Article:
Excerpt from the Church Order of the United Reformed Churches in North America.
Since Christian discipline is spiritual in nature and exempts no one from trial or punishment by the civil authorities, so also besides civil punishment there is need of ecclesiastical censure, that God may be glorified, that the sinner may be reconciled with God, the church and his neighbor, and that offense may be removed from the church of Christ.
In case anyone errs in doctrine or offends in conduct, as long as the sin is of private character and does not give public offense, the rule clearly prescribed by Christ in Matthew 18 shall be followed.
Secret sins from which the sinner repents after being admonished by one person in private or in the presence of two or three witnesses, shall not be made known to the Consistory [composed of the ministers of the Word and the elders].
If anyone has been admonished in love by two or three persons concerning a secret sin and does not repent, of if he has committed a public sin, the matter shall be brought to the Consistory.
Anyone whose sin is properly made known the Consistory, and who then obstinately rejects the Scriptural admonitions of the Consistory, shall be suspended from all privileges of church membership, including the use of the sacraments. After such suspension and subsequent admonitions, and before proceeding to excommunication, the impenitence of the sinner shall be publicly made known to the congregation, the offense explained, together with the care bestowed upon him and repeated admonitions, so that the congregation may speak to him and pray for him.
This shall be done in three steps. In the first, the name of the sinner need not be mentioned, that he be somewhat spared. In the second, the Consistory shall seek the advice of classis before proceeding, whereupon his name shall be mentioned. In the third, the congregation shall be informed that, unless he repents, he will be excluded from the fellowship of the church, so that his excommunication, if he remains impenitent, may take place with the full knowledge of the church. The interval between the steps shall be left to the discretion of the Consistory.
If these steps of discipline, having been carried out in a loving manner, do not bring about repentance, but rather harden the sinner in his ways, the Consistory shall proceed to the extreme remedy, namely, excommunication, in agreement with the Word of God and with the use of the appropriate liturgical form.
The restoration of a sinner whose sins are public, or have become public because the admonition of the church was despised, shall take place upon sufficient evidence of repentance, in such manner as the Consistory shall deem conducive to the edification of the church. Whether in particular cases this should take place in public shall, when there is a difference of opinion about it within the Consistory, be decided with the advice of two neighboring churches of the classis.
Whenever anyone who has been excommunicated desires to become reconciled to the church by way of penitence, it shall be announced to the congregation in order that, insofar as no one can allege anything against him to the contrary, he may, with profession of his repentance, be publicly reinstated with the use of the appropriate liturgical form.
Mature members by baptism who are delinquent in doctrine or life shall be admonished and, if they persist, shall be excluded from the church of Christ. The advice of classes must be sought before proceeding to such exclusion.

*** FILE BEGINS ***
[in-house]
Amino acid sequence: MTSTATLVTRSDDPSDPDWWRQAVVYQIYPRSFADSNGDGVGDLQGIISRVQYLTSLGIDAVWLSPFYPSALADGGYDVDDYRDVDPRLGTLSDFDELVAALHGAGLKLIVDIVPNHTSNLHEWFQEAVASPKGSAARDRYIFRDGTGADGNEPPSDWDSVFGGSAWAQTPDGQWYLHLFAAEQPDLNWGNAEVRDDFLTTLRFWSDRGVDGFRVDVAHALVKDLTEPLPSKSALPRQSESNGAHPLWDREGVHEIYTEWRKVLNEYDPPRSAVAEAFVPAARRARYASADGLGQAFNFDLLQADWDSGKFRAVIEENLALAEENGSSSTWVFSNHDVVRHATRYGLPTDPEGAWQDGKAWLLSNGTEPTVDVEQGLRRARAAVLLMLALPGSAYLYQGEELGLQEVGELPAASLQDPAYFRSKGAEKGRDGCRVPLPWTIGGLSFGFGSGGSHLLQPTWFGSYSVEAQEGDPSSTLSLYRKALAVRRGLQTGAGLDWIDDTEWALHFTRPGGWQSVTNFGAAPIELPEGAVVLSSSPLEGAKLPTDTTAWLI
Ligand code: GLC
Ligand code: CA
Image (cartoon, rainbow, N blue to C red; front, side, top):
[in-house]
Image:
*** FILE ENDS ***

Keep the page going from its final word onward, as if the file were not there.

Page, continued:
Members by baptism who have been excluded from the church and who later repent of their sin shall be received again into the church only upon public profession of faith.
When a minister, elder or deacon has committed a public or gross sin, or refuses to heed the admonitions of the Consistory, he shall be suspended from his office by his own Consistory with the concurring advice of the Consistories of two neighboring churches. Should he harden himself in his sin, or when the sin committed is of such a nature that he cannot continue in office, he shall be deposed by his Consistory with the concurring advice of classis.
Included among the gross sins, but not to the exclusion of all others, which are worthy of suspension or deposition from office, are these: false doctrine or heresy, public schism, public blasphemy, simony, faithless desertion of office or intrusion upon that of another, perjury, adultery, fornication, theft, acts of violence, habitual drunkenness, brawling, filthy lucre, in short, all sins and gross offenses which render the perpetrators infamous before the world and which in any other member of the church would occasion excommunication.
The ministers, elders and deacons shall exercise mutual censure regularly, whereby they exhort one another in an edifying manner regarding the discharge of their office.
Those who seek membership in another congregation shall request in writing that their current Consistory send to the receiving Consistory an official letter including pertinent membership information and testimony concerning doctrine and life.
No church shall in any way lord it over other churches, and no office-bearers shall lord it over other office-bearers.
These articles, relating to the lawful order of the church, have been so drafted and adopted by common consent, that they ought to be observed diligently. If it be found that God may be more honored and the churches better served by changing any article, this shall require a two-thirds vote of a synod and shall be ratified by two-thirds of the Consistories prior to the next synodical meeting, after which meeting they shall take effect.